Farah Khan has been in the industry for what seems like forever: as a choreographer, she is responsible for so many memorable Bollywood dance sequences that it’s almost impossible to count, but some of our favorites include “Chaiya Chiaya,” “Shava Shava,” and “Maahi Ve.” In addition to her choreography, she’s directed memorable films such as Main Hoon Na and Om Shanti Om. In 2012, she won a Stardust Best Actress Award for her on-screen debut Shirin Farhad Ki Toh Nikal Padi. But even when she’s behind the camera, she is an incomparable leading lady.
Sonam Kapoor (daughter of Anil Kapoor, who international audiences know from Slumdog Millionaire and TV’s 24) made her debut in 2007 with Saawariya, opposite Ranbir Kapoor. At the time, Saawariya got a lot of attention, because although the two of them were newcomers to the industry, the film was co-produced by Sony Pictures, and it was the first Bollywood movie to receive a North American release by a Hollywood studio. Since then, Kapoor has landed girl next door roles in romantic comedies, such as Aisha and I Hate Luv Storys.
A descendant of the legendary Kapoor family, Kareena Kapoor is continuing the legacy started by Prithviraj Kapoor and cemented by Raj Kapoor, as Kareena was most recently named the highest ranking female actress in Forbe India’s Celebrity 100 list. A power player in the industry, Kapoor has been one of India’s highest paid actress in years, starring in blockbusters including Aamir Khan’s 3 Idiots, Salman Khan’s Bodyguard, Shah Rukh Khan’s Ra.One, and most recently reuniting with Aamir Khan in Talaash: The Answer Lies Within.
There are many more, but here are 10 to start with. Who are your favorite Indian actresses?
We talk to Everly’s designers – the sisterly duo Adriana and Fabiana – about the line’s latest collection. Read on to find out their inspiration and what’re digging for spring!
Having a bad day? Need a pick-me-up? Or maybe you just like indulging in cute? Well we’ve got just the thing for you!
Recently Ellen Degeneres stumbled upon the adorable 4 year old Kai singing a cover of “Grenade” by Bruno Mars. Sure enough, she asked him to come to the show and sing to her audience. Trust us, you’ll want to see this.
MEMO (Medical, Educational Missions and Outreach) at UCLA held an event earlier this week called “Hepatitis B Awareness Night”. This was a free event aiming to educate the community about HBV and raise money for their Hep B project (a project which strives to vaccinate children in Vietnam and prevent mother to child transmission.) Much to the excitement of those in attendance, the awareness night included performances from Brian Puspos, Carissa Rae, Andrew Garcia, Michael Alvarado and more. Based on their twitters, the performers seemed equally excited to perform at UCLA’s Kerckoff Grand Salon: Check out their promo video here:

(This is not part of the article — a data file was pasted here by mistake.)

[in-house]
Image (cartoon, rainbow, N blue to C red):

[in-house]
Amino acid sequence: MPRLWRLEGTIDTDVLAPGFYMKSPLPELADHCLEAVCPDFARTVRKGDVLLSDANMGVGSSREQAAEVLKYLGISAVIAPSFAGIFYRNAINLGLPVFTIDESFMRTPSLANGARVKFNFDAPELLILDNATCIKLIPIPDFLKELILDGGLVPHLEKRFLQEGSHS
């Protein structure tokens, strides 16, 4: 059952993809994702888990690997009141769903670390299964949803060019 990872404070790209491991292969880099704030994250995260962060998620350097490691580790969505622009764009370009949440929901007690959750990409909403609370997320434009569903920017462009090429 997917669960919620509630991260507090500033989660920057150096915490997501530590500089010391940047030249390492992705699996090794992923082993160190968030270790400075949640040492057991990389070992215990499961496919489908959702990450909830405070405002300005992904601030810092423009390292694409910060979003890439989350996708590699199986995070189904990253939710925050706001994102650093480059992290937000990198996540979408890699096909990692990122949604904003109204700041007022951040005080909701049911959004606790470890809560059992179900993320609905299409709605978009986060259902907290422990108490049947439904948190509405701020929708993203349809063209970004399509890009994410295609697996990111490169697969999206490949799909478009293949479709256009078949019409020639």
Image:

Continue reading to see more of Krystal (from one of Korea’s top girl groups f(x) ) as she poses for Vogue Korea and rocks some bold eye shadow.
French alternative rock band Phoenix is back with their latest single, “Entertainment.” While we’re loving the jam – we were more intrigued by about the concept of the video – which seems some sort of time traveling modern-saeguk Korean drama. Set in North Korea. Kind of. Yeah – we were pretty confused too.
Also, one of the lead actors is the very handsome Sejin Park - who caught our eye in this video. We hope to see him in future work!
We’re giving away tickets to Music Matters Asia in San Francisco for March 7-8! To enter:
1. Like Audrey on FB & follow us Twitter
2. Leave a comment on this post with your name and Twitter handle!
As a special preview for CAAMFest (formerly the San Francisco International Asian-American Film Festival), Asia’s premier music industry event, Music Matters, has teamed up with an alliance of Asia’s leading indie music promoters (China : Maybe Mars / Korea : DFSB Kollective / Taiwan : The Wall) and Singapore’s Viki.com to proudly present the launch of San Francisco Music Matters Asia (March 7th-8th, 2013).
A brand new extension of the highly successful Music Matters Live festival in Singapore (http://AllThatMatters.Asia/LIVE), the two-day San Francisco showcase will spotlight Asia’s top indie music artists. According to Music Matters Founder and CEO Jasper Donat, “Asia is smoking hot for talent at the moment and we’re delighted to have some biggest and best live bands from the region sharing the same stage for the first time ever in America.”
Tthe inaugural showcase headliners include the following critically acclaimed, SXSW music acts from China, Korea, and Taiwan:
Carsick Cars (2009 China MIDI Awards : Album of the Year – Nominee)
The Gar (2012 China MIDI Awards : Song of the Year – Winner)
White+ (2012 China Douban Awards: Electronic Music Album of the Year – Winner)
3rd Line Butterfly (2013 Korean Music Awards : Musician of the Year – Nominee)
Galaxy Express (2011 Korean Music Awards : Musician of the Year – Winner)
Goonam (2012 Korean Music Awards : Modern Rock Album of the Year – Nominee)
Lowdown 30 (2013 Korean Music Awards : Album of the Year – Nominee)
No Brain (2007 Korean Music Awards : Band of the Year)
The Chairman (2011 Taiwan Golden Melody Awards : Band of the Year – Nominee)